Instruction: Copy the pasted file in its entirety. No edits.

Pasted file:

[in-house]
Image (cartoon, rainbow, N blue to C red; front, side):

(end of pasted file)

[in-house]
Image (cartoon, rainbow, N blue to C red; front, side):